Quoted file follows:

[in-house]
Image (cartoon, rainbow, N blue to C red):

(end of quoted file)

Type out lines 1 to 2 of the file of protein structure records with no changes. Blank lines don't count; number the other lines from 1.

[in-house]
Image (cartoon, rainbow, N blue to C red):